The ancient seers’ technique is the Purusharthas, the four aims of human existence: dharma, artha, kama and moksha. These are terms with which we are familiar, but few have adequate knowledge of them. Dharma is translated in many ways, sometimes as law, order, system, harmony, method, etc. Perhaps it is all these, and none of these independently. Such is what is called dharma.
Artha is supposed to be the pursuit of material values; kama is the pursuit of desires; moksha is the pursuit of freedom as such. Now we will realise that moksha, which is one of the four aims of existence, is really not the fourth in the sense of the fourth leg of a cow, in which case the other three legs have no relation. It is not in this sense that moksha is the fourth. It is fourth in the sense of the fourth standard of education, where the three standards below are included. The fourth standard is not the fourth materially, but inclusively.
Likewise, the principle of dharma is not only one of the four, but the determining factor of all the aims of existence. It is the principle on which we take an action—a step. If we take a step on a principle that is going to make us free in a larger sense, that is dharma; but if we take a step in the direction which restricts our freedom, that is adharma. To move towards lesser freedom is adharma; to move towards larger freedom is dharma.
All this again is a very difficult thing to understand because most people mistake one thing for the other. We cannot know whether we are moving towards bondage or freedom because many times we mistake bondage for pleasure, and pleasure for the good, and the good for pleasure. While we pursue the pleasant, we may think it is the path of the good, and the path of slavery may seem to be the path of freedom.
The fourfold aim of existence is intended to touch the various ways in which we connect ourselves with things, and to achieve freedom. Whatever be the degree of freedom that we achieve, it should be a freedom which is complete, and not merely partial. It may be a lesser degree or a higher degree, but must be complete in its universe of discourse, as the logicians would say. In its own purview, in the ken of its own perception and activity, it should be complete.
If in a curriculum of studies we are reading in the first standard, the curriculum must be complete in itself, for the first standard. When we go to the second standard, again the curriculum should be complete, within the limits allowed by the system of education imparted in that level. So is the case with dharma, artha, kama and moksha. They are rungs of a ladder in evolution, and they are rungs in a very peculiar sense, one touching the other, one overlapping the other, one vitally connecting the other, and one being impossible without the other.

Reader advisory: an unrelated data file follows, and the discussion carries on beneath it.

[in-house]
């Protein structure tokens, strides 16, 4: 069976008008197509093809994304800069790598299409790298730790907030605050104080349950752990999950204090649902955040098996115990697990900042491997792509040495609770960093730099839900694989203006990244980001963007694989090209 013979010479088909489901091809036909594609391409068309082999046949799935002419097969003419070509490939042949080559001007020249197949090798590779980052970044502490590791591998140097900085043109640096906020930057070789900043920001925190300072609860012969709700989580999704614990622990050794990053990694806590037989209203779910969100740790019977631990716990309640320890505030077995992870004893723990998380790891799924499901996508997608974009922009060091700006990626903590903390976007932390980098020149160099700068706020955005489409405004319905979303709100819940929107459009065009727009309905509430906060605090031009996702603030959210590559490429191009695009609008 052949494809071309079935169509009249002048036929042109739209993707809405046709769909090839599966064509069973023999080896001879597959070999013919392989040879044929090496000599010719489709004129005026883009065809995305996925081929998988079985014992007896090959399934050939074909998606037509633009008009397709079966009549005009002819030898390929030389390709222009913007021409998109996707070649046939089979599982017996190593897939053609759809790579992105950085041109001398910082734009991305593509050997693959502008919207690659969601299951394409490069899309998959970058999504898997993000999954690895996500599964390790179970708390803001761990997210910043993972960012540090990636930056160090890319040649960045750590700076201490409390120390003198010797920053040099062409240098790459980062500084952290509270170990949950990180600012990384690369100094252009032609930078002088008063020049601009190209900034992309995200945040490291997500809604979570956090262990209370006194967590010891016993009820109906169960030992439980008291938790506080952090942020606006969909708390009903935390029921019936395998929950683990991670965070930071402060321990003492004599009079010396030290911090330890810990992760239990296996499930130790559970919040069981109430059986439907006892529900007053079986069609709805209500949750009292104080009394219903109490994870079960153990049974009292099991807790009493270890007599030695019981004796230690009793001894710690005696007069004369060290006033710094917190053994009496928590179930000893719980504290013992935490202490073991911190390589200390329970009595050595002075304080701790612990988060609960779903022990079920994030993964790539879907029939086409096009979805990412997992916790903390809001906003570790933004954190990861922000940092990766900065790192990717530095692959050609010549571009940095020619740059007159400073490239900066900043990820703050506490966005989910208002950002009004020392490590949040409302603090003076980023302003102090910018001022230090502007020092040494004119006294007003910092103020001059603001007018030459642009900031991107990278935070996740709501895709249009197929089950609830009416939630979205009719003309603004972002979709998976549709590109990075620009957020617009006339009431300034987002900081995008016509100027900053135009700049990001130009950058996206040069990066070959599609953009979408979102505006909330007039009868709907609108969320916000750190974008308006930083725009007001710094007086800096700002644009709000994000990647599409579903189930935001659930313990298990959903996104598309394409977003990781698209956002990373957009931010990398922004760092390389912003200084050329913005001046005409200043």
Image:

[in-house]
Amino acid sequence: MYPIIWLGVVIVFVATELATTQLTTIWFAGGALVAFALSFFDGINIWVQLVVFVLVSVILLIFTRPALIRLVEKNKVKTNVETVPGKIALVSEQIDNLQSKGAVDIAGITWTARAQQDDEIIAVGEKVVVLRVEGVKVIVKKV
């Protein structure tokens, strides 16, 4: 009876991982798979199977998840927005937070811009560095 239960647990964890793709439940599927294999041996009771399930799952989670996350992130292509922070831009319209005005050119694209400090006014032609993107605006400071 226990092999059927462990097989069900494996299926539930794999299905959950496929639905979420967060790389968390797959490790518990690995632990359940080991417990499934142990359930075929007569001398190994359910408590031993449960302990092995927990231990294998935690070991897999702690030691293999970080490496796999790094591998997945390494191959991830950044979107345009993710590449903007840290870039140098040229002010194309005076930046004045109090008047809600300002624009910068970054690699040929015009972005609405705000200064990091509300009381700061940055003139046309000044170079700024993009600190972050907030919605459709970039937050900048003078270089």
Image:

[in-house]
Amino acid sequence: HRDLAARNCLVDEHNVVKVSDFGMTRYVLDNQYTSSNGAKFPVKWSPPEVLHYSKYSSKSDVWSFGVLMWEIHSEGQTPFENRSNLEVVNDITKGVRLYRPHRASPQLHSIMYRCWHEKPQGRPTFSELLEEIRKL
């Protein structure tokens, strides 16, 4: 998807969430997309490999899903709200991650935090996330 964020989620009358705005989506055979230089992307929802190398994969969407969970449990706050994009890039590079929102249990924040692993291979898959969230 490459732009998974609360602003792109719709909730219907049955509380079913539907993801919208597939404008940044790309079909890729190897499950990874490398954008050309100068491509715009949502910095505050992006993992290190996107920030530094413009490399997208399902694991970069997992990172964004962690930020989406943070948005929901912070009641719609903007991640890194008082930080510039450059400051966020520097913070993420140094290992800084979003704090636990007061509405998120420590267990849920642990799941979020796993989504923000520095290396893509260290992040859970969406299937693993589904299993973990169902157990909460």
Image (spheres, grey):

They are not four items of existence with which we have to be concerned at different times. They are simultaneous questions that arise before our minds to which simultaneous answers may have to be given. There are people called Ashtavadhanis who can attend to eight things at a time. Likewise, we have to attend to all these four aspects of life at the same time because tomorrow may never come, so it is not advisable to put something off for another day.
Whatever be the degree of the manifestation of the perfection, it should take into consideration all its aspects in its own level, and when we pursue these aims of life, or Purusharthas, we will realise that we are touching all the sides of our own personality. As a matter of fact, these Purusharthas are not outside in the world. They are not like things that can be purchased from a shop. They are values that can be recognised in everything, including ourselves.
We have various needs of our personal existence—the needs being a difficulty felt due to our being entangled in objects. This is the first difficulty. Everyone is entangled in something: in business, family, friends and enemies, in any blessed thing. Our body, as one of the things of the world, is somehow associated with the other things of the world. This is physical entanglement. The physical body has physical needs from physical objects and conditions. This is the condition of artha, one of the four Purusharthas. That which we call material value, economic value, practical value, pragmatic value and such other value is nothing but the outcome of our physical relationship with physical bodies. No one being conscious of physical bodies can escape this need. As long as we are lodged in a physical vesture, we are conscious of a physical world; and as long as we are in this condition, physical needs will be pressing, and the laws of the physical world will operate upon us. We cannot escape these relations as long as the consciousness is limited to the physical body. This is the need for artha, and no one can escape it. This is one of the urges that spontaneously arises on account of our being physically related to things. Therefore, everyone living in a physical body shall pursue artha.
Artha does not mean money or grain, food, building, etc., as most people imagine. It may include this, but it generally means any kind of urge for a physical necessity which can only be attained in a world of physical relationships.